The results of profile script_to_profile.py will be written to script_to_profile.py.prof by default. It will be a typical marshalled file that can be read with pstats.Stats(). They may be interactively viewed with the command:
$ python -m pstats script_to_profile.py.prof
Why the name "kernprof"?
I didn't manage to come up with a meaningful name, so I named it after myself.
Why not use hotshot instead of line_profile?
hotshot can do line-by-line timings, too. However, it is deprecated and may disappear from the standard library. Also, it can take a long time to process the results while I want quick turnaround in my workflows. hotshot pays this processing time in order to make itself minimally intrusive to the code it is profiling. Code that does network operations, for example, may even go down different code paths if profiling slows down execution too much. For my use cases, and I think those of many other people, their line-by-line profiling is not affected much by this concern.
Why not allow using hotshot from kernprof.py?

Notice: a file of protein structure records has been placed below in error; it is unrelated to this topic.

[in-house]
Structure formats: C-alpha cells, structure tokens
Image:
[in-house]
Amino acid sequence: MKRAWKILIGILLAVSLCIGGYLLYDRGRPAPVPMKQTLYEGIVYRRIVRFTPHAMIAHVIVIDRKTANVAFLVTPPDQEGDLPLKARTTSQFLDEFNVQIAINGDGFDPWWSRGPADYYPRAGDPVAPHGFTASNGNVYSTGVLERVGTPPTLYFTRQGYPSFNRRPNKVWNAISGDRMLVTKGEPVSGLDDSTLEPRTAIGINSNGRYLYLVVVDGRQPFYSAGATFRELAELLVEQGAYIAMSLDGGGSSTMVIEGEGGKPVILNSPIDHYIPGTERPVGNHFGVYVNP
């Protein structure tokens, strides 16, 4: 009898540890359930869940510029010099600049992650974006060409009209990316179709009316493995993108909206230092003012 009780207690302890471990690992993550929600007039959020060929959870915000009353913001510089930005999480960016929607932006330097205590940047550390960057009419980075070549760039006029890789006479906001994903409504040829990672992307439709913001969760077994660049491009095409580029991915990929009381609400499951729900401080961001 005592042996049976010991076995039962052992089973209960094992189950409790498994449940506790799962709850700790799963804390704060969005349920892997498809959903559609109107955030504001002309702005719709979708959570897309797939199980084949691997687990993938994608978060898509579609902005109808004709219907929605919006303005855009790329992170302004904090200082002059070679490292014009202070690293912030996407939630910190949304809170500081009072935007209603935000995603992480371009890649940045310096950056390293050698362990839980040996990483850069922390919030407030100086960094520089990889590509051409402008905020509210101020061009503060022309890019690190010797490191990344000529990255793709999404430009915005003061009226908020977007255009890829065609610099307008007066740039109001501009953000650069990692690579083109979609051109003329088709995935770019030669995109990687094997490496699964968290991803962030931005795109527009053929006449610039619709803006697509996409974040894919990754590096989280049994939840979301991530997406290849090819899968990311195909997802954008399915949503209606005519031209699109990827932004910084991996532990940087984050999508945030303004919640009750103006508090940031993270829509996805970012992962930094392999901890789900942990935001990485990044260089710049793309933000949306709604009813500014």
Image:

I don't use hotshot, myself. I will accept contributions in this vein, though.
The line-by-line timings don't add up when one profiled function calls another. What's up with that?
Let's say you have function F() calling function G(), and you are using LineProfiler on both. The total time reported for G() is less than the time reported on the line in F() that calls G(). The reason is that I'm being reasonably clever (and possibly too clever) in recording the times. Basically, I try to prevent recording the time spent inside LineProfiler doing all of the bookkeeping for each line. Each time Python's tracing facility issues a line event (which happens just before a line actually gets executed), LineProfiler will find two timestamps, one at the beginning before it does anything (t_begin) and one as close to the end as possible (t_end). Almost all of the overhead of LineProfiler's data structures happens in between these two times.
When a line event comes in, LineProfiler finds the function it belongs to. If it's the first line in the function, we record the line number and t_end associated with the function. The next time we see a line event belonging to that function, we take t_begin of the new event and subtract the old t_end from it to find the amount of time spent in the old line. Then we record the new t_end as the active line for this function. This way, we are removing most of LineProfiler's overhead from the results. Well almost. When one profiled function F calls another profiled function G, the line in F that calls G basically records the total time spent executing the line, which includes the time spent inside the profiler while inside G.